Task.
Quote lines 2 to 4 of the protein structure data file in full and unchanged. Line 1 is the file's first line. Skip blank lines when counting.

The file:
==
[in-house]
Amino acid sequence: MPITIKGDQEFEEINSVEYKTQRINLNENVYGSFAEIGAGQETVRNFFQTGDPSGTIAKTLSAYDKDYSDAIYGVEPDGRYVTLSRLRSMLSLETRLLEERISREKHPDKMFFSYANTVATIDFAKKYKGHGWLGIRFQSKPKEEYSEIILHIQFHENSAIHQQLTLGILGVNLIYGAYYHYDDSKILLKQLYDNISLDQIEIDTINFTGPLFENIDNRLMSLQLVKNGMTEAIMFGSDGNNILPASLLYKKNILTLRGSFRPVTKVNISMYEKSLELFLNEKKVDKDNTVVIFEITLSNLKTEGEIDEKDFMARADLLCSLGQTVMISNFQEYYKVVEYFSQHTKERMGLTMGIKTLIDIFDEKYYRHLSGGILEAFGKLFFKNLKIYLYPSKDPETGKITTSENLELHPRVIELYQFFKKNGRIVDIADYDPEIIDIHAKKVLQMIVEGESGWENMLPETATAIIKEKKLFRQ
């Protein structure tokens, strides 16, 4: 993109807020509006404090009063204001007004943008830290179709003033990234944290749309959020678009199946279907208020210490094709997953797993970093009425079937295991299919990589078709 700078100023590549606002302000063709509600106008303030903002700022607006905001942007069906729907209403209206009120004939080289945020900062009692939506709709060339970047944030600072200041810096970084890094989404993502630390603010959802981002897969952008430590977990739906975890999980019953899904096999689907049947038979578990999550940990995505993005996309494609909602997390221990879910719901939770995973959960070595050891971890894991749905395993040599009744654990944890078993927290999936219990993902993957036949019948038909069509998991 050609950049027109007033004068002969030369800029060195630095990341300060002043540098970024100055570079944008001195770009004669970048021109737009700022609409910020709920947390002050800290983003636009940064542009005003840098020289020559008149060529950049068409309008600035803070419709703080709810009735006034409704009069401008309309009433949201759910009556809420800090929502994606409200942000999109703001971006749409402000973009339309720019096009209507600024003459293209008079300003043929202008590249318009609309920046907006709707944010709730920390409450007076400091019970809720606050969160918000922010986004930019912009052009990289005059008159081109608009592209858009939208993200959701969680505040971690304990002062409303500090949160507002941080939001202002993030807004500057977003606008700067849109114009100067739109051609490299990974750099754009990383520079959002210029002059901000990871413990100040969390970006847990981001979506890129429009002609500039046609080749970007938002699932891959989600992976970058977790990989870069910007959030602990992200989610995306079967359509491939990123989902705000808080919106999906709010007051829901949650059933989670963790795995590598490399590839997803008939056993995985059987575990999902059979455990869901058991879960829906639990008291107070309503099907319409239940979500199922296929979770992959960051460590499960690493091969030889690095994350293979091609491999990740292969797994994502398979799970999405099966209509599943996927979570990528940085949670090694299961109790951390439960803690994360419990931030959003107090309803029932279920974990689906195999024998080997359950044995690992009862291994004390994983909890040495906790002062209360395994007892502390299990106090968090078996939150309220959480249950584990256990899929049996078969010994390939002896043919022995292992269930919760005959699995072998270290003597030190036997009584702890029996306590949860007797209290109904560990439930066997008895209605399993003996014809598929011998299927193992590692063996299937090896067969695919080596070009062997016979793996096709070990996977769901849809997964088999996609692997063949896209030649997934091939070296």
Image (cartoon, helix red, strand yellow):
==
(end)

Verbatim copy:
Amino acid sequence: MPITIKGDQEFEEINSVEYKTQRINLNENVYGSFAEIGAGQETVRNFFQTGDPSGTIAKTLSAYDKDYSDAIYGVEPDGRYVTLSRLRSMLSLETRLLEERISREKHPDKMFFSYANTVATIDFAKKYKGHGWLGIRFQSKPKEEYSEIILHIQFHENSAIHQQLTLGILGVNLIYGAYYHYDDSKILLKQLYDNISLDQIEIDTINFTGPLFENIDNRLMSLQLVKNGMTEAIMFGSDGNNILPASLLYKKNILTLRGSFRPVTKVNISMYEKSLELFLNEKKVDKDNTVVIFEITLSNLKTEGEIDEKDFMARADLLCSLGQTVMISNFQEYYKVVEYFSQHTKERMGLTMGIKTLIDIFDEKYYRHLSGGILEAFGKLFFKNLKIYLYPSKDPETGKITTSENLELHPRVIELYQFFKKNGRIVDIADYDPEIIDIHAKKVLQMIVEGESGWENMLPETATAIIKEKKLFRQ
């Protein structure tokens, strides 16, 4: 993109807020509006404090009063204001007004943008830290179709003033990234944290749309959020678009199946279907208020210490094709997953797993970093009425079937295991299919990589078709 700078100023590549606002302000063709509600106008303030903002700022607006905001942007069906729907209403209206009120004939080289945020900062009692939506709709060339970047944030600072200041810096970084890094989404993502630390603010959802981002897969952008430590977990739906975890999980019953899904096999689907049947038979578990999550940990995505993005996309494609909602997390221990879910719901939770995973959960070595050891971890894991749905395993040599009744654990944890078993927290999936219990993902993957036949019948038909069509998991 050609950049027109007033004068002969030369800029060195630095990341300060002043540098970024100055570079944008001195770009004669970048021109737009700022609409910020709920947390002050800290983003636009940064542009005003840098020289020559008149060529950049068409309008600035803070419709703080709810009735006034409704009069401008309309009433949201759910009556809420800090929502994606409200942000999109703001971006749409402000973009339309720019096009209507600024003459293209008079300003043929202008590249318009609309920046907006709707944010709730920390409450007076400091019970809720606050969160918000922010986004930019912009052009990289005059008159081109608009592209858009939208993200959701969680505040971690304990002062409303500090949160507002941080939001202002993030807004500057977003606008700067849109114009100067739109051609490299990974750099754009990383520079959002210029002059901000990871413990100040969390970006847990981001979506890129429009002609500039046609080749970007938002699932891959989600992976970058977790990989870069910007959030602990992200989610995306079967359509491939990123989902705000808080919106999906709010007051829901949650059933989670963790795995590598490399590839997803008939056993995985059987575990999902059979455990869901058991879960829906639990008291107070309503099907319409239940979500199922296929979770992959960051460590499960690493091969030889690095994350293979091609491999990740292969797994994502398979799970999405099966209509599943996927979570990528940085949670090694299961109790951390439960803690994360419990931030959003107090309803029932279920974990689906195999024998080997359950044995690992009862291994004390994983909890040495906790002062209360395994007892502390299990106090968090078996939150309220959480249950584990256990899929049996078969010994390939002896043919022995292992269930919760005959699995072998270290003597030190036997009584702890029996306590949860007797209290109904560990439930066997008895209605399993003996014809598929011998299927193992590692063996299937090896067969695919080596070009062997016979793996096709070990996977769901849809997964088999996609692997063949896209030649997934091939070296």
Image (cartoon, helix red, strand yellow):